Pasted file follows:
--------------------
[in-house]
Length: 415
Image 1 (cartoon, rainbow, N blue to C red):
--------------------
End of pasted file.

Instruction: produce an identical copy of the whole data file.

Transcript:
[in-house]
Length: 415
Image 1 (cartoon, rainbow, N blue to C red):